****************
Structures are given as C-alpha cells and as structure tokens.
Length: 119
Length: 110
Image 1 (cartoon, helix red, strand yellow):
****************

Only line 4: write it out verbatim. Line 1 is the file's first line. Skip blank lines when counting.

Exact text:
Image 1 (cartoon, helix red, strand yellow):